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Re: "Essential journeys"

Postby Mick F » 7 Jan 2010, 9:20am

I was going to start a new thread on this, but this one is ok!

I remember the '62 '63 winter. The snow fell just after Christmas, and didn't completely go until March. We had 6ft drifts up our road, and one morning we had to dig our way out of the house because the drifts had gone against the house walls. My upstairs bedroom was level with the top of the drift!

We had ice on the INSIDE of the windows, it was miserable and awful and bitterly cold. The snow ploughs came through every day to keep the roads open. We weren't living in the back of beyond in those days, just half a mile from the A5209 in Wrightington and only 6 miles from our primary school in Wigan.

The schools went back after the Christmas break, no schools were closed, we all made it in, teachers too. The buses ran, parents got to work, life went on. Normality, with difficulty, carried on regardless.

What is wrong with us now?
Mick F. Cornwall

groveller
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Re: "Essential journeys"

Postby groveller » 7 Jan 2010, 10:04am

In the winter of 1962/63 I was working as a mechanic at a garage with very limited workshop space.
The single hydraulic 4 post lift was outside, the hydraulic oil had to be heated each morning to get it working. All other work was done in the yard in snow and ice. I've never been so cold in all my life.
There was one sink to wash our hands.
These conditions lasted From Boxing Day till Easter.
At home nobody had central heating at that time.
Needless to say I got out of that job later in the year!

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squeaker
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Re: "Essential journeys"

Postby squeaker » 7 Jan 2010, 10:13am

Mick F wrote:What is wrong with us now?
IMO 'we' are all accustomed to jumping into 'our' cars each morning and driving crazy (to me) distances to work, or using the car for short trips to the shops etc.. It doesn't take much for traffic queues to turn to gridlock......
"42"

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Colin63
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Re: "Essential journeys"

Postby Colin63 » 7 Jan 2010, 10:31am

Mick F wrote:What is wrong with us now?


Nothing. I think that people are mistaking news stories about specific events as being the truth about what is happening generally. Most people are getting into work.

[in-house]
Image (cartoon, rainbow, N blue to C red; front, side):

In 1963 school teachers tended to live near their schools and so could more easily make it into work. I know several teachers and they all work a long way from home and so journeys in these conditions become more challenging and risky. We also have better communications so that it is quite easy for schools and parents to be in touch, rather than everyone fighting their way to work because they feel they can't risk not going in because little Johnny might be stuck outside the gate in sub zero temperatures. That bit is progress I think. These periods of people not getting into work only last a few days. The country hasn't stopped, it's just adjusting and I see no harm in folks waiting until they feel safe. I'm sure the snow ploughs in '63 didn't all appear on the roads on day one with everyone instantly battling through, however people remember it (I can't remember much as I was tucked up cosily in a womb at the time). I think that it very irresponsible for employers to demand that employees make journeys that they don't feel able to do, I think that says more about what's wrong with us than having a few days of staff shortages.

I've been off work since 18th December, apart from Monday this week when I managed to get through, as the reserve is cut off. My manager has been keeping me up to date and says that yesterday he nearly crashed several times in a Land Rover trying to get to the site. Minor roads are impassable for little cars like mine. I'd much rather be out working in the woods even at -8˚C than having to do all this dull admin I've been sent (the bad side of better communications :( ), though it does mean that I can be on call to help my elderly neighbour who is absolutely unable to leave her house at the moment.